The goal of every parent is to bless their children with an inheritance that they can use long after they have passed away. Whether that be real estate such as a family home or vacation property, or an investment portfolio, these are assets you want to leave to your heirs. Normally, when you go to sell an item that has appreciated in value since you purchased it, you are required to pay a portion of that increase in value through a capital gains tax.
However, something different happens when you pass on that property through inheritance. Instead of falling under the capital gains tax, this property goes through the estate of the decedent, and the increase in value would not be accompanied by a tax due to the step-up in basis.
Step-up Basis: The simple way to transfer assets with minimal costs
A step-up basis is a tool that many people use to avoid costly capital gains taxes when the asset they want to transfer property that has been held for a long time and acquired a significant increase in value. It does not require anything more than a will in order to accomplish it.
The way it works is simple. When a person dies and the property they owned is to be willed to their heir, rather than applying the capital gains tax, the value of the property is reset at its current value, and it can be transferred to the heir without any capital gains tax.
How exactly does the step-up in basis work?
This can be understood fairly simply through an example. If you bought a house in 1985 for $100,000, and today it would be valued at $500,000, you can avoid paying the capital gains tax for the $400,000 by leaving the house to your heir.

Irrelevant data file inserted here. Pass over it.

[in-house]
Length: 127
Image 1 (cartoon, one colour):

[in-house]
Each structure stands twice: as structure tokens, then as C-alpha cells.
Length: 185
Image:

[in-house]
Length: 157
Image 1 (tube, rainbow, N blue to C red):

This can provide the heirs with significant benefits beyond simply avoiding the capital gains tax. If your heir does not wish to keep the property and would rather liquidate it, the step-up in basis allows them to sell it themselves and they would only pay the capital gains on the value increase since they took ownership of the property.
What types of assets can utilize a step-up in basis?
While the most common type of asset that many people will be considering will be real estate, such as the family home or a vacation property, the step-up in basis can apply to many other types of property. Most kinds of personal property, such as antiques, family heirlooms, and other such small times fall under the step-up basis. Intangible property such as bonds, stock portfolios and bank accounts also are included. Even ownership interests in a business would benefit from a step-up in basis.
There are also some property that do not qualify for a step-up in basis. Any property that is gifted prior to the decedent’s passing does not qualify for a step-up in basis, because it is not passing through the estate. Additionally, certain retirement and investment benefits such as 401(k)s, IRAs, employer pensions or retirement plans and annuities also do not qualify for a step-up in basis. These assets will be treated differently and no step-up in basis will apply.